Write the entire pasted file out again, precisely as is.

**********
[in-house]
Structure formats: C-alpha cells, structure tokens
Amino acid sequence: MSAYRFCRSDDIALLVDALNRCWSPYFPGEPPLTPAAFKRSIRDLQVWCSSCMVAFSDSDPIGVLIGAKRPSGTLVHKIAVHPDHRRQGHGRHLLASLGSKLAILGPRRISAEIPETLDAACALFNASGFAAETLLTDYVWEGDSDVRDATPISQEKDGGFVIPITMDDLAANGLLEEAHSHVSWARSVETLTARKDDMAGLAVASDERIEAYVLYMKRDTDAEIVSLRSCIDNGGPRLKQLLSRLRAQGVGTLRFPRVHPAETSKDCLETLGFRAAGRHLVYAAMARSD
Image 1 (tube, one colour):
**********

[in-house]
Structure formats: C-alpha cells, structure tokens
Amino acid sequence: MSAYRFCRSDDIALLVDALNRCWSPYFPGEPPLTPAAFKRSIRDLQVWCSSCMVAFSDSDPIGVLIGAKRPSGTLVHKIAVHPDHRRQGHGRHLLASLGSKLAILGPRRISAEIPETLDAACALFNASGFAAETLLTDYVWEGDSDVRDATPISQEKDGGFVIPITMDDLAANGLLEEAHSHVSWARSVETLTARKDDMAGLAVASDERIEAYVLYMKRDTDAEIVSLRSCIDNGGPRLKQLLSRLRAQGVGTLRFPRVHPAETSKDCLETLGFRAAGRHLVYAAMARSD
Image 1 (tube, one colour):